Concerns over pressure of new homes on GPs in Diss

Diss Health Centre ANL-150204-084417009
Diss Health Centre ANL-150204-084417009
  • Expansion plans for Diss Health Centre on back burner
  • Planning applications could see nearly 250 homes in Diss
  • “It’s a difficult situation” says long-serving GP
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A long-serving Diss GP has said the busy Diss Health Centre could see an extra 400 to 500 patients on the books if two planning applications totalling nearly 250 more homes for the town are approved.

A proposal for 142 homes for land north of Frenze Hall Lane, as well as an outline application for up to 90 properties on the site of Frontier Agriculture in Sandy Lane, have been lodged in recent months, while the issue of how the infrastructure of Diss could cope has been raised by residents and councillors alike.

Richard Bacon has penned a letter, explaining his concerns

Richard Bacon has penned a letter, explaining his concerns

Plans to expand the health centre, which is made up of the Parish Fields Practice and Lawns Medical Practice, were approved by South Norfolk Council back in 2013, while in February of last year, the Diss Express reported that the “next hurdle” had been crossed in making the proposals a reality, following discussions with NHS England.

But those plans are currently on the back burner, after NHS England deemed the scheme was not value for money.

Dr Ian Hume, who has practiced in Diss for more than 20 years, said refurbishment works were set to take place to make the “best possible use of the space” they currently have, in the “short to medium term”.

He added should the two housing applications go through, it could mean as many as 500 extra people being registered at the health centre.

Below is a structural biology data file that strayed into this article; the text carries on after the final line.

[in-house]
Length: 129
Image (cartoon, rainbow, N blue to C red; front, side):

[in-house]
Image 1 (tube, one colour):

“I think the general demand is high, both in Diss and in the rest of Norfolk, so if you stepped foot in the health centre on any day of the week, it is pretty full,” he said.

Dr Hume said while there had been population growth in the town, there had been little expansion of either staff of facilities at the health centre.

“It is a difficult situation,” he continued.

“We want to provide good quality care to patients. We have a high work load, and we will be lobbying for extra resources to help us do that.

“We are trying in difficult circumstances but we will need to make sure we have a plan for the future which involves both staff and infrastructure so hopefully patients will bear with us while we move things forward.”

South Norfolk MP Richard Bacon has made his views clear to South Norfolk Council about the 142 homes plan for Diss.

In a letter he said: “I also share the concern for local GPs that these new houses could add perhaps 400 new patients to the rolls of the two GP practices in the town and that this would increase the pressure on primary care services in Diss in delivering services to patients in the area.

“I have contacted NHS England on this matter and urged them to expedite the expansion of Primary Care Services in Diss but I would be grateful if South Norfolk Council’s Development Management

Committee could keep in mind the potential impact of additional patients on the Lawns and Parish Fields GP practices.”

The Parish Fields Practice Patient Participation Group, formed to ensure the practice is aware of patient needs and concerns, has also submitted a comment on both homes bids.

They are calling on South Norfolk Council to “take into account properly” the “impact on health services” when deciding on applications for the town.

A letter from the chairman of the group John Blagden to the district authority read: “It (the practice) is already under significant financial pressures due, in part, to higher than forecasted patient numbers.

“The Patient Participation Group is concerned at the lack of impact analysis undertaken on health services and infrastructure when planning applications are considered.

“The practice has been unable to secure funding to extend the Health Centre and we also understand there is no additional funding for health services when new planning applications are agreed.

“Piecemeal small planning applications, such as this one, add up and can have a significant impact on the quality of services provided by the practice to patients and the community.”